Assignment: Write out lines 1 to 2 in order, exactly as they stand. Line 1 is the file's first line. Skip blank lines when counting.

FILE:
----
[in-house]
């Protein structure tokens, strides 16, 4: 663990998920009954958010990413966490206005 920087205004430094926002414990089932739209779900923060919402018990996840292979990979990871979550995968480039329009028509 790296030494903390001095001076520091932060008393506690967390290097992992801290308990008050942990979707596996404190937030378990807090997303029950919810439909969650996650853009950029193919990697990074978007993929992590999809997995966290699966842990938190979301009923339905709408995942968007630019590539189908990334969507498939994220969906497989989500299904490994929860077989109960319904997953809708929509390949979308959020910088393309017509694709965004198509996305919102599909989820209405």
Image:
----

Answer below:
[in-house]
């Protein structure tokens, strides 16, 4: 663990998920009954958010990413966490206005 920087205004430094926002414990089932739209779900923060919402018990996840292979990979990871979550995968480039329009028509 790296030494903390001095001076520091932060008393506690967390290097992992801290308990008050942990979707596996404190937030378990807090997303029950919810439909969650996650853009950029193919990697990074978007993929992590999809997995966290699966842990938190979301009923339905709408995942968007630019590539189908990334969507498939994220969906497989989500299904490994929860077989109960319904997953809708929509390949979308959020910088393309017509694709965004198509996305919102599909989820209405």